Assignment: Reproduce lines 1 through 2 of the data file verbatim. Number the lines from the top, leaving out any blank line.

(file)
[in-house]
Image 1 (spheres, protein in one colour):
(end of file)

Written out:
[in-house]
Image 1 (spheres, protein in one colour):